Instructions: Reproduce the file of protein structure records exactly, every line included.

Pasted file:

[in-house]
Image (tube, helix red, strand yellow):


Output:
[in-house]
Image (tube, helix red, strand yellow):